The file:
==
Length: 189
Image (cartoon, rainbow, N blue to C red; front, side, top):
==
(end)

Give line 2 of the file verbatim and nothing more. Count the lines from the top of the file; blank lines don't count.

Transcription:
Image (cartoon, rainbow, N blue to C red; front, side, top):